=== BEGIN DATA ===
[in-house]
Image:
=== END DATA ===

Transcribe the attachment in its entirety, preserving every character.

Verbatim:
[in-house]
Image: